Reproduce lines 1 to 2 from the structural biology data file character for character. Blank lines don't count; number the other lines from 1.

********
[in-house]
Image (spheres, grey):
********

[in-house]
Image (spheres, grey):